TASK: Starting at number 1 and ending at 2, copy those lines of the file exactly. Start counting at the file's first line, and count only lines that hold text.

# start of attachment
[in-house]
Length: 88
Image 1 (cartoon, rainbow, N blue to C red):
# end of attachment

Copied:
[in-house]
Length: 88